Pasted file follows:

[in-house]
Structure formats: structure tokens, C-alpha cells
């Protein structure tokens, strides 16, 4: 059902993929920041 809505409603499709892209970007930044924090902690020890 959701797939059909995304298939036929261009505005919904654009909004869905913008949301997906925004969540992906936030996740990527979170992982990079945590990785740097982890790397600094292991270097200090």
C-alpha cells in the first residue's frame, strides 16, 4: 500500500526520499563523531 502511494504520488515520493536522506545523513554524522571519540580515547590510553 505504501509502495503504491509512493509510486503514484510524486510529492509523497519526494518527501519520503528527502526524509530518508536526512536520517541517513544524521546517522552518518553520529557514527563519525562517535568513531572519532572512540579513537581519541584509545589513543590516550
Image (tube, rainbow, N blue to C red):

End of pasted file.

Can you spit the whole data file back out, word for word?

[in-house]
Structure formats: structure tokens, C-alpha cells
């Protein structure tokens, strides 16, 4: 059902993929920041 809505409603499709892209970007930044924090902690020890 959701797939059909995304298939036929261009505005919904654009909004869905913008949301997906925004969540992906936030996740990527979170992982990079945590990785740097982890790397600094292991270097200090």
C-alpha cells in the first residue's frame, strides 16, 4: 500500500526520499563523531 502511494504520488515520493536522506545523513554524522571519540580515547590510553 505504501509502495503504491509512493509510486503514484510524486510529492509523497519526494518527501519520503528527502526524509530518508536526512536520517541517513544524521546517522552518518553520529557514527563519525562517535568513531572519532572512540579513537581519541584509545589513543590516550
Image (tube, rainbow, N blue to C red):